Haver Stands in Unity and Mourning with the Family, Friends and Community of George Floyd

Our hearts are broken, and we are deeply saddened by the continued mistreatment, racial profiling, and injustice that the African American community faces throughout our nation. We are grieving not just for George Floyd, Tony McDade, Sean Reed, Ahmaud Arbery, and Breonna Taylor but for the many unnamed victims of police brutality, racial profiling, and excessive force.

We condemn these horrific actions committed by the police, including those who watched and did nothing. In the Hebrew bible (or Scriptures), we are commanded to preserve and protect life, to “not stand by while the blood of our neighbor is shed.” (Leviticus 19:16) As Jews, we understand the gravity of what can happen when people stand idly by and allow such crimes to occur; we have fought this battle throughout history – ancient and recent.

Today, we extend our struggle for what is right. We stand in support of our African American brothers and sisters in Boulder, Denver and beyond. We praise Denver Mayor Michael Hancock for his calls to end bigotry and racism, and for legitimizing the constitutional right to assemble and express opinions in the form of peaceful protest. We call on Governor Polis and other local, state and national leaders to work together to improve accountability, overhaul an unbalanced and biased system, and identify fundamental flaws that protect police who act outside the law.

As rabbis and individuals, we send strength and show solidarity by reaching out to our African-American friends, neighbors, colleagues and relations, by patronizing Black-owned businesses, by supporting groups that promote equity for African-heritage Americans, and by working with faith and justice organizations to build an equitable society that guarantees safety and opportunities for all.

As the Rabbinic Council of Boulder, we strive to create welcoming, safe spaces in our congregations and buildings. We are committed to working with our own lay leaders, clergy and staff to do the necessary soul searching and learning to make sure that all who enter are accepted and celebrated.

The Talmud tells us that “when the community is immersed in suffering, a person may not say: I will go to my home and I will eat and drink, and peace be upon you, my soul.” (Talmud Taanit 11a)

We encourage you to take action. Add your voice to ours. Call or write to local legislators and the governor to support state-wide criminal justice reform. Support anti-racist and anti-white supremacy organizations such as Black Lives Matter or the Anti-Defamation League. Change is not quiet, but it can be made peacefully.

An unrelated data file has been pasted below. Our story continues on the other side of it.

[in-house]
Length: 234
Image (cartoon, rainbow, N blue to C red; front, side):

The Rabbis of Haver:

Rabbi Deborah Bronstein, Rabbi Emerita Congregation Har HaShem

Rabbi Ori Har DiGenarro, Conscious Learning Community

Rabbi Tirzah Firestone, Rabbi Emerita Congregation Nevei Kodesh

Morah Yehudis Fishman, Community Educator

Rabbi Ruth Gelfarb, Congregation Har HaShem

Rabbi Sarah Bracha Gershuny, Community Rabbi

Rabbi Lynne Goldsmith, Adventure Judaism

Rabbi Fred Greene, Congregation Har HaShem

Rabbi Nadya Gross, Pardes Levavot

Rabbi Victor Gross, Pardes Levavot

Rabbi Jamie Korngold, Adventure Judaism

Rabbi Alan Shavit-Lonstein, Adventure Judaism

Rabbi Marc Soloway, Congregation Bonai Shalom

Rabbi Diane Tiferet Lakein, Community Rabbi

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One comment

  1. Stanley I Kreis

    In point of fact, this is not a halachic statement as Halacha has much more to say then the Rabbis relate to the average reader. In other words, the Haver statement is a contrived statement, not accounting for the whole of Judaism, but selectively sort of editing halacha for their particular biases. Between the houses of Hillel and Shamai, they are not Hillel, but Shamai itself. G-d chose Hillel over Shamai because of the humility of Hillel. The Haver statement does not show humility, it shows arrogance. Besides the error in choosing one side of the black community against the other, the radical side against the conservative side, they err in not being immersed in the black community. I challenge them: how many of them know and relate intimately with black people and the black communities? I am guessing almost zero, if not zero…..Stan Kreis

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